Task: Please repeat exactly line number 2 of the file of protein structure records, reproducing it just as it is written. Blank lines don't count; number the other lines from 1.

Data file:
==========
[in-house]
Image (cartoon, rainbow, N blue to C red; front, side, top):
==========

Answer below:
Image (cartoon, rainbow, N blue to C red; front, side, top):